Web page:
Nations may, in their treaties, insert such clauses and conditions as they think proper; they are at liberty to make them perpetual, or temporary, or dependent on certain events. It is usually most prudent not to engage for ever, as circumstances may afterwards intervene, by which the treaty might become very oppressive to one of the contracting parties. A nation may confine a treaty to the grant of only a precarious right — reserving to herself the liberty of revoking it at pleasure. We have already observed Book I. Those things — namely, permission and customs — are therefore not to be confounded with treaties, — not even with those which give only a precarious right.
When once a nation has entered into engagements by treaty, she is no longer at liberty to do, in favour of others, contrary to the tenor of the treaty, what she might otherwise have granted to them agreeably to the duties of humanity or the general obligation of mutual commerce; for she is to do for others no more than what is in her power; and, having deprived herself of the liberty of disposing of a thing, that thing is no longer in her power.
Therefore, when a nation has engaged to another that she will sell certain merchandise or produce to the latter only — as, for instance, corn — she can no longer sell it to any other. The case is the same in a contract to purchase certain goods of that nation alone. But it will be asked, how and on what occasions a nation may enter into engagements which deprive her of the liberty to fulfil her duties to others. As the duties we owe to ourselves are paramount to those we owe to others, if a nation finds her safety and substantial advantage in a treaty of this nature, she is unquestionably justifiable in contracting it, especially as she does not thereby interrupt the general commerce of nations, but simply causes one particular branch of her own commerce to pass through other hands, or insures to a particular people certain things of which they stand in need.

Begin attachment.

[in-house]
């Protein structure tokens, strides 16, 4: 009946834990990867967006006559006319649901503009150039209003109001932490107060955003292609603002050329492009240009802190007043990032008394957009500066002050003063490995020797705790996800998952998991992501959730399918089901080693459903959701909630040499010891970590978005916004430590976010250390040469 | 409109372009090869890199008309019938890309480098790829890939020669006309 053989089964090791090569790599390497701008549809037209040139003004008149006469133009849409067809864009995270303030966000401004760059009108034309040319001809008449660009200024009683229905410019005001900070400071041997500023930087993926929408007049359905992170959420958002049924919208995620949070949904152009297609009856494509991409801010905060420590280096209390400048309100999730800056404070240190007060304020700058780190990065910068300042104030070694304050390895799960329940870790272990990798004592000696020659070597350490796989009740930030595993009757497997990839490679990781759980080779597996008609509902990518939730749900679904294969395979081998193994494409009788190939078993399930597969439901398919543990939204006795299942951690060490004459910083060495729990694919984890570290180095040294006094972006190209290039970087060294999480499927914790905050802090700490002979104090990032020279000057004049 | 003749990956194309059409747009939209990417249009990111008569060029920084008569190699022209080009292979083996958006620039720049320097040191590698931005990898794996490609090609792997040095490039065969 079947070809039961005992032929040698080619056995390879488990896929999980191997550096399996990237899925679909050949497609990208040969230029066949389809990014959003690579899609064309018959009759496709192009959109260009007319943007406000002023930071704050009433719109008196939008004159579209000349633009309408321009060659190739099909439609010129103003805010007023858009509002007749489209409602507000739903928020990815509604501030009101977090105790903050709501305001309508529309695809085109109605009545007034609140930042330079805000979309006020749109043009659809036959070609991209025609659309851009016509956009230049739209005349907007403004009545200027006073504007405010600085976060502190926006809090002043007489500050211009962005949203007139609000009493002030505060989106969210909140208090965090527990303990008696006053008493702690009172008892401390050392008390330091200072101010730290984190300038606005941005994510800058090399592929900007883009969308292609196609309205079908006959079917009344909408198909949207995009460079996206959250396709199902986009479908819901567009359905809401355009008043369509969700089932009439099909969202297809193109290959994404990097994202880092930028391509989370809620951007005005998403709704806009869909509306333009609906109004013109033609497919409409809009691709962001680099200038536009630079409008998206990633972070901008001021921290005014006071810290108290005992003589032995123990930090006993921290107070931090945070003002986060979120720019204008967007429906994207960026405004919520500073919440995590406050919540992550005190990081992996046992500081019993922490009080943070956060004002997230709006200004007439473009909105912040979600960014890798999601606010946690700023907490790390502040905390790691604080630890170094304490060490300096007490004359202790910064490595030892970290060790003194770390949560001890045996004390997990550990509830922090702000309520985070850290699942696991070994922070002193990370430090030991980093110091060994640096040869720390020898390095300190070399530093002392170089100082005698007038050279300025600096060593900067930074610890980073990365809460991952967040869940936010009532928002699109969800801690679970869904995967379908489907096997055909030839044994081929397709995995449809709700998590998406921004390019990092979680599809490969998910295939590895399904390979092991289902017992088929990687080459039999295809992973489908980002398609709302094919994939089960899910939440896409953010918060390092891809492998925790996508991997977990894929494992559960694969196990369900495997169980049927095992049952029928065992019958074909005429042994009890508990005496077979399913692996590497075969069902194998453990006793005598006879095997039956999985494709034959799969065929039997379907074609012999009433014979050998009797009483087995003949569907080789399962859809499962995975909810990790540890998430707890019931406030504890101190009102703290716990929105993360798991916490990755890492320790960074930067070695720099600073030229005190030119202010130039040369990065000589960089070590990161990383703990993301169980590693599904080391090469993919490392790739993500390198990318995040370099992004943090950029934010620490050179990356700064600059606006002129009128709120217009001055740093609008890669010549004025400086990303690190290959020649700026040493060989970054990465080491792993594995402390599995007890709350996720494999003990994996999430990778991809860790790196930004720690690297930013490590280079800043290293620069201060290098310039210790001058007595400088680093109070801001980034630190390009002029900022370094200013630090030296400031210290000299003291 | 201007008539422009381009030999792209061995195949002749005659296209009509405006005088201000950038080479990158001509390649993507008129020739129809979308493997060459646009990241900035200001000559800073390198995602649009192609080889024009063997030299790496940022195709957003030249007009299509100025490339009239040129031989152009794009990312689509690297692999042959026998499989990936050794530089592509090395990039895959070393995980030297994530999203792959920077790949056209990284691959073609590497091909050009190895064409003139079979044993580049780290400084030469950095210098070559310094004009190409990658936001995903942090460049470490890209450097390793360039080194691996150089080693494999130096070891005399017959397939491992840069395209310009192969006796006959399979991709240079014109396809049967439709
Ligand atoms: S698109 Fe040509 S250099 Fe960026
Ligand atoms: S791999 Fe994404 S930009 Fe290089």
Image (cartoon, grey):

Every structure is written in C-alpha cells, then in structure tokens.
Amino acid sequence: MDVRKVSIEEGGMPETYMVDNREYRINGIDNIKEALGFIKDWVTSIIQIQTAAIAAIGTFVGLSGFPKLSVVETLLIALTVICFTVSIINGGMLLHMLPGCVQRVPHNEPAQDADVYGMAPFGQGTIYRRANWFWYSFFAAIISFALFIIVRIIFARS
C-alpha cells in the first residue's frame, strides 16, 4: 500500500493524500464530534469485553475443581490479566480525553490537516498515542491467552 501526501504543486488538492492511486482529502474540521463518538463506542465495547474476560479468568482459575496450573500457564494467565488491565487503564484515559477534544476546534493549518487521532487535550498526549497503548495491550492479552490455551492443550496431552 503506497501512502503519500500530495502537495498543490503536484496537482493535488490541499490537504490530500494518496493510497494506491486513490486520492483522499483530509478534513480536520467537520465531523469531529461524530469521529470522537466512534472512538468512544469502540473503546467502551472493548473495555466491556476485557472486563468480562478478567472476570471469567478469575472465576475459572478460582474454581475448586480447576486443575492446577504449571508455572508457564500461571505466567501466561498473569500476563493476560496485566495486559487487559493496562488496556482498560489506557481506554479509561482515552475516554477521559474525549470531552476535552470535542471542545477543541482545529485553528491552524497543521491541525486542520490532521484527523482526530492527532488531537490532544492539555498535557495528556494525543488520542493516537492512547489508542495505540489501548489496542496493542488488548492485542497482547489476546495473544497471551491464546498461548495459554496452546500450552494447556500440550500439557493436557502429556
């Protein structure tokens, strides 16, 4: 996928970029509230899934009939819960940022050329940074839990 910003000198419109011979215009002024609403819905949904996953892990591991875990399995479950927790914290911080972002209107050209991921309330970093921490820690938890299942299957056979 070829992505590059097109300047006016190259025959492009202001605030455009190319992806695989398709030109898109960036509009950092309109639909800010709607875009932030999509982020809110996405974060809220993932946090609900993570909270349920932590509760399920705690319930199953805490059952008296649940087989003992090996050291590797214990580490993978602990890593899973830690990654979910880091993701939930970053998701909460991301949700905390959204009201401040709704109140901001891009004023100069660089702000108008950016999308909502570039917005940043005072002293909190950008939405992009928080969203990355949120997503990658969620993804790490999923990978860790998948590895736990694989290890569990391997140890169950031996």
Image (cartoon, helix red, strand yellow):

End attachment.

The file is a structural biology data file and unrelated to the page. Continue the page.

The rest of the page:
If a state which stands in need of salt can secure a supply of it from another, by engaging to sell her corn and cattle only to that other nation, who will doubt but that she has a right to conclude so salutary a treaty? In this case, her corn or cattle are goods which she disposes of for supplying her own wants.